The United States has long been associated with innovation and ingenuity—think about the space program and the advent of personal computers! But as American students began to lag behind some of their international counterparts on science and math tests, there was a growing concern about maintaining a competitive edge. In an effort to sustain our global leadership in science and technology and prepare kids for careers of the future, educators envisioned an alternative to traditional curriculum where science, math, engineering and technology would be taught through an interdisciplinary approach applied to real-world problems. The SMET curriculum gained limited traction until the National Science Foundation rearranged the acronym in 2001. Suddenly, STEM education was everywhere.

While no one would suggest that kids won’t need science and technical skills, or that careers of the future will not be heavily STEM-focused, an argument has recently been made for the inclusion of the arts in this multidisciplinary approach. Though some would contend that art is already there, embedded in engineering design or in the communication, the intentional emphasis on art adds an important enhancement that ensures both sides of the brain are activated. STEAM project based learning provides a well-rounded adventure that makes learning deeply engaging and kid-friendly. It places kids in the driver’s seat, letting them guide their learning and play an authentic role in their own education.

STEAM Disciplines Explained

There is no question that STEAM makes education more inclusive by offering an entry point for everyone. Each of the disciplines individually has a unique and challenging focus; together, they form a powerful approach to learning.

  • Science encompasses the study of life, physical forces and the Earth and its solar system. Through the study of science, kids learn more profoundly about themselves and their place in the world.
  • Technology is present in every aspect of our lives, from simple machines like a doorknob (wheel and axle) or a ramp (inclined plane) to the complex computers in our pocket (cell phones). It will play an even bigger role in our future as technology becomes more and more integrated into our everyday lives.
  • Engineering involves the application of technology to solving problems, from civil engineers who design infrastructure to systems engineers who standardize processes to mechanical engineers who design and build tools and machines—just to name a few.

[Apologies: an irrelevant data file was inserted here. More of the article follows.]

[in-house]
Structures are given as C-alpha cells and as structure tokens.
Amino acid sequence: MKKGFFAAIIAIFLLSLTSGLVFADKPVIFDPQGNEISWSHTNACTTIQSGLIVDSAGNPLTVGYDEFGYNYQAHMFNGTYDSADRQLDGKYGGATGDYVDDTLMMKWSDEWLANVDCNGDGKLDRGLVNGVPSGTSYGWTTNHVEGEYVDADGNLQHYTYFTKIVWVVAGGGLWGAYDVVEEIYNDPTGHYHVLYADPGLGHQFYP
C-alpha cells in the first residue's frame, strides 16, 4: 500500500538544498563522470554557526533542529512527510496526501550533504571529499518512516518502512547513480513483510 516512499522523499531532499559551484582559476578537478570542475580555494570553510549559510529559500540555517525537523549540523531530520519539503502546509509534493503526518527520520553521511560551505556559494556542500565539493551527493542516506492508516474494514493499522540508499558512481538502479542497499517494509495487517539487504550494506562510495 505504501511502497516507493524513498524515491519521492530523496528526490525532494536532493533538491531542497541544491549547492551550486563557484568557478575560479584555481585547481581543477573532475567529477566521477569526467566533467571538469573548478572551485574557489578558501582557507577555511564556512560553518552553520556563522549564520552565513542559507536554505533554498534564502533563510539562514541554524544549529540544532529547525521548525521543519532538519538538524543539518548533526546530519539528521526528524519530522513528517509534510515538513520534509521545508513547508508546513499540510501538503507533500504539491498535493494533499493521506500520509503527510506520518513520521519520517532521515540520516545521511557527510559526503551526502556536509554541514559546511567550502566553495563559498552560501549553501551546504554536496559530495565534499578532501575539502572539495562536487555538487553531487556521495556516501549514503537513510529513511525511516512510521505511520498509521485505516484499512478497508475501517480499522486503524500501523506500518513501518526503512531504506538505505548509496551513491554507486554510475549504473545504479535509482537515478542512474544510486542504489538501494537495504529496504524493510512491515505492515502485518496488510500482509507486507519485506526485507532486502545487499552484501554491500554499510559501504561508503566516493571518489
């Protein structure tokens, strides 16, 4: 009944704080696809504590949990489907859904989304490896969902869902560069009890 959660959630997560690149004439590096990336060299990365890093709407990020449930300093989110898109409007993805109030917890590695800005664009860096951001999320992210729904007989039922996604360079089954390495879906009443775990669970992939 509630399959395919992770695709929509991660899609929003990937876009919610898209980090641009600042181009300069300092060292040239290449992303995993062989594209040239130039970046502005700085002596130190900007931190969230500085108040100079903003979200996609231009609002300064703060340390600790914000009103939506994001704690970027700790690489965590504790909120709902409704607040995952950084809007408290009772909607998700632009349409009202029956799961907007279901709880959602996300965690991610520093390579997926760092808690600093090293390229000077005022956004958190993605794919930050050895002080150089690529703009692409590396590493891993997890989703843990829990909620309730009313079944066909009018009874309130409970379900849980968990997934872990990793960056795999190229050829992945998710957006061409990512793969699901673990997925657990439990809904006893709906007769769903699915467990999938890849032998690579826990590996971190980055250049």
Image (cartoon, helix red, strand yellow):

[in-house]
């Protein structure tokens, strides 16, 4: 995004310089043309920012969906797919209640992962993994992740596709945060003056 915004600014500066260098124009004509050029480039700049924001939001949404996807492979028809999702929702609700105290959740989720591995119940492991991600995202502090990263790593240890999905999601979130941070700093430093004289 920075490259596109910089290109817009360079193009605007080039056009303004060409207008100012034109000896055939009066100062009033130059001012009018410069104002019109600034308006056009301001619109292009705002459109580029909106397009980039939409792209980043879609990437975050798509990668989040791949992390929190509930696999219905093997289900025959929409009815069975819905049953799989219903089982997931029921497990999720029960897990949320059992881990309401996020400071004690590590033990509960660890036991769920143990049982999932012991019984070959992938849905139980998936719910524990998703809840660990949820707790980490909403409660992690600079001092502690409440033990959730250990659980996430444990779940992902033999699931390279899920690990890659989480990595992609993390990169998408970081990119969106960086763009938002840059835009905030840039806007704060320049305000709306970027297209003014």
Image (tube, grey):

• Arts refers to a wide array of creative disciplines such as visual, performing, architectural, language, etc. The emphasis is on imaginative, open-ended expression that gets us in touch with our senses.
  • Math includes number concepts and algebraic thinking, measurement and geometry, probability and statistics. It is used throughout the day in cooking, money transactions and in a variety of careers.

Allowing Kids to Take the Wheel

The marriage of STEAM and project based learning celebrates ingenuity and innovation. Project based learning has the best elements of make-believe: imagining a scenario with a problem or challenge, using real tools and equipment to create a solution and then demonstrating or presenting it to an audience. It is kid-centered and often allows for some self-guided exploration.

Not only does STEAM project based learning tap into kids’ curiosity and creativity through developmentally appropriate activities, it also prepares them for the world of work and research via authentic projects. Kids have the opportunity to not just see themselves in creative roles, but to live those roles through the experience.

Imagine being a biomedical engineer who must design and create a lighter, more practical prosthetic hand. Think about the draw of a road trip adventure in which kids experiment with fuel sources and design eye-catching roadside signs. Picture the opportunity to create and code their own video game, designing the environment and devising the rules. Get involved in crime scene investigation, solving a mystery by piecing together the clues.

The Road to Success

To equip kids with the skills they will need to steer themselves into a bright and promising future, they must be empowered with flexibility and the 4 Cs—creativity, critical thinking, collaboration and communication. The Partnership for 21st Century Skills has identified these as the learning and innovation skills that separate kids “who are prepared for increasingly more complex life and work environments” from those who are not. These skills will be invaluable as they move through high school, college and into careers. A summer camp program like Galileo, built on STEAM project based learning, will put them on that road to success.

Explore STEAM learning at Galileo summer Camps in San Francisco, Southern California, Chicagoland, Denver and Seattle. Experience our Bay Area programs, such as Palo Alto summer camps, or find the location nearest you in Washington, Chicagoland, or Southern California. Enroll now for fun and skills that last. Stay updated on camp happenings and resources by joining our mailing list. Contact us for summer camp details. Don’t miss out on this unforgettable opportunity!